Insurance companies blacklist flood-prone regions

Home-owners to be forced into installing flood prevention devices to offset risk

Home owners in high-risk flooding areas will have a harder time finding insurance as a result of the enormous damages inflicted by last month's record-breaking thunderstorm.

Certain areas are now being blacklisted by insurance companies who have received over 60,000 claims resulting from the three hour downpour.

Almindelig Brand was the first to announce the policy change, with Assistant General Manager Pia Holm Steffensen telling Børsen that there were areas the company no longer wished to insure.

“It’s based on the amount of water, combined with the areas where there are lots of businesses and are highly asphalted, making it difficult to lead the water away,” Steffensen said.

While the actual areas have not been specified – other than the fact they exist both in Zealand and Jutland – residents near Usserød River by Kokkedal and Hørsholm are already unable to seek new insurance claims with the company.

The policy change has not surprised many within the industry, with the Danish Real Estate Association having already predicted that insurance companies would be more careful following the heavy rainfalls.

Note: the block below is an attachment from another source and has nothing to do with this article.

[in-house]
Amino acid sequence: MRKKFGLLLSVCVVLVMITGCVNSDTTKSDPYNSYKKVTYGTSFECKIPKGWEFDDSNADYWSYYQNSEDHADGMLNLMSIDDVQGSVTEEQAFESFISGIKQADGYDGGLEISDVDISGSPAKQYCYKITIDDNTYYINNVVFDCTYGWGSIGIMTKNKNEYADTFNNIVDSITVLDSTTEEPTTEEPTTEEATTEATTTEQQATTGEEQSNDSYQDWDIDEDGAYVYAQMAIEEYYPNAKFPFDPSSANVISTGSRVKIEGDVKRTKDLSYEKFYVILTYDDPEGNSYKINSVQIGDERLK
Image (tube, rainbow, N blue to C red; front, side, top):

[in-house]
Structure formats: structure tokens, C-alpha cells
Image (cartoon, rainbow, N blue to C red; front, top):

“The terms for insurance policies have changed as expected after the downpour,” chairman Steen Winther-Petersen told Newspaq.“That one company is taking the lead is not surprising – someone has to start.”

Finans-Watch reported this Monday that a range of insurance providers are making changes to their policies as a result of this summer’s heavy rain.

“Swiss Re has had to reflect the increased frequency and severity of heavy rain in the price of our insurance,” a spokesperson told Finans-Watch.

But the Danish Insurance Association also told the paper that it’s not just price of policies that are set to change.

“There has been backlash from the companies who are now starting to focus on making customers implement damage prevention initiatives,” legal advisor Claus Tønnesen said.

The cost of the early July thunderstorm is now expected to reach three billion kroner – a massive revision on the initial estimate of 1.7 billion.